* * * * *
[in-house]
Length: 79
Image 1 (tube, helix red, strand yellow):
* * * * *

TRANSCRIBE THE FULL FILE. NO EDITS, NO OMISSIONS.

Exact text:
[in-house]
Length: 79
Image 1 (tube, helix red, strand yellow):